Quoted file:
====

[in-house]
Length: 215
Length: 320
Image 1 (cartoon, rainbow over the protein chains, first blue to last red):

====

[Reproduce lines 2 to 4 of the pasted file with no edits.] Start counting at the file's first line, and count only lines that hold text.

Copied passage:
Length: 215
Length: 320
Image 1 (cartoon, rainbow over the protein chains, first blue to last red):